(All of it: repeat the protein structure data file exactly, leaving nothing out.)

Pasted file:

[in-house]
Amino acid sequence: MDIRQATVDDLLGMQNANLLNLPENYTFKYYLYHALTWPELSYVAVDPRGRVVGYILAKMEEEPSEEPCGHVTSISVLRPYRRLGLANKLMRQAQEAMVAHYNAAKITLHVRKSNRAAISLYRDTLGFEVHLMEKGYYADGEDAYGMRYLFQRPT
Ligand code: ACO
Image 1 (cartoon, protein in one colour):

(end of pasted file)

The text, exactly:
[in-house]
Amino acid sequence: MDIRQATVDDLLGMQNANLLNLPENYTFKYYLYHALTWPELSYVAVDPRGRVVGYILAKMEEEPSEEPCGHVTSISVLRPYRRLGLANKLMRQAQEAMVAHYNAAKITLHVRKSNRAAISLYRDTLGFEVHLMEKGYYADGEDAYGMRYLFQRPT
Ligand code: ACO
Image 1 (cartoon, protein in one colour):